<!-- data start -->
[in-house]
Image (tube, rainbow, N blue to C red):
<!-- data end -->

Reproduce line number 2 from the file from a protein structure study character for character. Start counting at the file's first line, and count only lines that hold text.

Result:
Image (tube, rainbow, N blue to C red):